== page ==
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Comment Re:That's the problem (Score 1) 237

That's the problem with Tor: Most people aren't brave enough (and, rightfully so) to operate an exit node because of the law enforcement repercussions. So, the only people that can operate exit nodes without repercussions is law enforcement. Which defeats the purpose of Tor.

And criminals. Notably ones in hard to prosecute countries.

Comment Not for me anymore.... (Score 3, Interesting) 237

It's probably not a good idea to use Tor anymore. There was a time when it was very useful, especially as a tool for journalists and dissidents ETC.

My main use for it was as a remote testing platform. Which it excelled at. Heck- I even wrote a small section of the Tor website regarding Tor's use by IT professionals.

Now... there's so much scrutiny on the system that your presence there basically gets you tagged as "suspicious".

My decision to stop using Tor was based on the apparent numbers of pedophiles that were hiding on the darknet. In an effort to not be confused with "them"- I stopped using it.

YMMV- it's a risky proposition. If you've ever run an exit node (not me!!) you are a potential target for misguided law enforcement. Plus the fact you may be unwittingly be aiding illegal activity as a middle man node.

Not for me. Make sure you understand what you are doing if you participate.

Comment Stick a fork in.... (Score 0) 610

This is finished. There's no way she wins the election, and I say that as one of her supporters. Here is clear evidence of trying to hide something. This leaves no room for doubt.

As an aside.... this IT guy is not very skilled if he's going to Reddit for technical advice.

This is a sad revelation- since I'm not a fan of Trump. But she's done.

Comment Re:Pretty simple actually.... (Score 2) 529

So what do black children on the west side of Chicago need to do to get a good education and a decent system to support them? Interpretive dance? How will they please the people around them and get support?

What services do they have to offer? Things only get better for them when someone steps in to make things better- and there isn't much profit in that... Now is there?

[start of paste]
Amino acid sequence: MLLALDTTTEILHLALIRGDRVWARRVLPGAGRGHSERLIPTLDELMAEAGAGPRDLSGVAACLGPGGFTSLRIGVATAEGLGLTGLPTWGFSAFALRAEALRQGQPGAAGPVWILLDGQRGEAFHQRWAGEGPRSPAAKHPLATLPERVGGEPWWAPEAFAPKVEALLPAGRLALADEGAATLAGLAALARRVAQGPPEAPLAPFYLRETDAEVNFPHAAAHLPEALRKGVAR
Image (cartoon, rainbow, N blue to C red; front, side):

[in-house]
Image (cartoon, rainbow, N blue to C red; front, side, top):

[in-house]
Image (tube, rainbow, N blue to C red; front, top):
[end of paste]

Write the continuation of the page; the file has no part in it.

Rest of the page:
That's the case for most education problems....

So I'll tell you what "man", if you can take your snowflaky ass out of the corporate offices at Tivo, and go see the real world, you'd see that your view needs revising.

Elitist Carnage Mellon cake eating loser. Your bankbook is bigger than mine- but everything else you have is smaller.

Comment Re:Pretty simple actually.... (Score 1) 529

It's simple... companies that service education do not have the margin that other tech companies have. The schools have limited resources and limited ability to pay. Everything is done on a razor margin (assuming a competitive bid structure).

It comes back to value. Why was I paid below market? Because schools, as customers, could not support a salary over 150k.

Comment Pretty simple actually.... (Score 4, Insightful) 529

The problem is cultural. We do not champion the production of things that enrich society in general, especially if they have no, or little, profit attached.

Speaking for myself, my whole resume as a Systems Engineer contains nothing organizations who either were directly involved in education, or served that market.. Those have been my sole employers. I've always been paid below market as an employee.

And I've always been looked at as an anomaly. Sometimes even derided. One time there was an offer that was $60,000 above what I was making. It was for a Fortune 10 company- which I turned down. Boy did I earn a high level of scorn from my friends and family who valued the paycheck over the work.

Am I the only one? I highly doubt it.